Editors' note, March 26, 2014: Updated with results of long-term testing.
We've noticed some recent activity on Reddit regarding the $79 Click & Grow Smart Flowerpot. If you recall, we received one back in October and said we'd update you when we had something to report. And after five months of testing, we finally have some results to share.
As a quick refresher, Click & Grow's Smart Flowerpot started out as a Kickstarter project. It boasts "smart soil" that's supposed to maintain the correct pH level -- it even automatically distributes water as needed. Basically, it's designed to make the activity of growing plants as hands-off as possible. Simply add four AA batteries, refill the water tank once a month, and expect a full-size chili pepper plant in two to four months (tomato, basil, cockscomb, and strawberry plants are some other options).
Since most of us in the CNET Appliances office have limited gardening experience, we were intrigued by the prospect of a low-maintenance indoor insta-plant. Even so, we kept a pretty close eye on it, making sure it had access to light and that the grow light accessory was on during gloomy winter days.
We did notice sprouts in about two weeks and ,much to our delight, it even flourished for a few months and began to flower. Unfortunately, something happened around the four-month mark. Instead of yielding red chili peppers as the timeline on Click & Grow's site suggested it would, we got something much more sinister: spider mites.
Now, I have to add that we're only mostly sure that these things are, in fact, spider mites. I'll let you gardening experts weigh in below, but either way, some sort of critter colony took over our once-healthy chili pepper plant and totally destroyed it. Given that these mites are really tiny, we didn't know what was happening until it was too late.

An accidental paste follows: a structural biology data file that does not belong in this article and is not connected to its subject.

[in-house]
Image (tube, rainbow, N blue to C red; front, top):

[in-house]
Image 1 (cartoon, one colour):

Here's a snippet from Click & Grow's FAQ, responding to the question, "Are Click & Grow plants organic?" The answer: "There are no pesticides, fungicides, insecticides, plant hormones, or any other suspicious substances in our products. And there's no need for them -- a well-watered and fed plant with perfect growing conditions can defend itself without any outside help."
I'm not sure about "perfect growing conditions," but we made every effort to keep this plant alive and it still met with an untimely end. So, while the Click & Grow pot does have sensors that alert you if the water level is low, and such, a plant is still just a plant and it's still vulnerable to factors beyond the purview of Click & Grow's tech. The built-in sensors definitely make the whole plant-growing process more hands-off, but we aren't convinced that this Smart Flowerpot is more likely to deliver a full-size chili pepper plant than sticking seeds in a regular ol' pot and hoping for the best. We will be testing a Click & Grow Smart Herb Garden too, so more gardening stuff is heading your way soon.